Zend_Db_Select does not provide an interface to all
possible boolean constructions. For example, it does not support NOT
predicates or nested boolean expressions.
Currently the solution to do what you describe is the
$select = $db0->select()
->where('a = ?', 'x')
->where('b = ?', 'y')
->where("c = 'a' OR d =
In other words, any expressions deeper than what is
supported by the current where() and orWhere() methods is up to you to construct
as a string.
Note that Zend_Db_Select does put parentheses around AND
terms, so if the expression within your term contains an OR, you don't get
surprised by operator precedence issues.
IMO, a programmatic interface to constructing deeper
boolean expressions does not have enough value to justify the complexity of
creating it. It makes it harder to write code and harder to read
code. Complex boolean expressions must be written as
Hypothetically, if I were to design a solution to do this
programmatically, it might have the usage below:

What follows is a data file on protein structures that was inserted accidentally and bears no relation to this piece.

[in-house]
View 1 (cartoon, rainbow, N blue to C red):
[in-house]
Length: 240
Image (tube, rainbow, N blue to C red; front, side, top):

The where() optionally would accept an array argument. The
array would be processed as terms that should be joined with the AND
// produces (a = 'x') AND (b =
->where(array("a = 'x'", "b = 'y'"))
If an array element were itself an array, its elements
would be joined with an OR operation and then the result joined to the top array
// produces (a = 'x') AND (b = 'y') AND ((c = 'a')
OR (d = 'a'))
If an element of the inner array were an array, its
elements would be joined with AND and then the result processed as an OR
term. Each level of nested array would alternate to the complementary
The usage of orWhere() would be similar. Each level
of nested array would alternate just as in the where() method, but the top-level
would start with the OR operator.
However, this solution would not support the quoted
parameter processing currently supported by where() and orWhere(). You'd
have to use quoteInto(). Also, it would have no programmatic interface
for the boolean NOT operation.
Again, for readers who skim these messages instead of
reading them carefully: THIS IS AN HYPOTHETICAL DISCUSSION.
ZEND_DB_SELECT DOESN'T SUPPORT THE USAGE DESCRIBED ABOVE.
Try this to eliminate the ugly "( 1=1 )" hack.
Also you should compare the keyword using "false !==" in case the keyword is a
value that evaluates to false, like empty string or 0. And I would quote
the identifiers for the search fields in case they are SQL